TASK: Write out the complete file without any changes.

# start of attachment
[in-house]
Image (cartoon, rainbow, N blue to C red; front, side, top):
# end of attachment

[in-house]
Image (cartoon, rainbow, N blue to C red; front, side, top):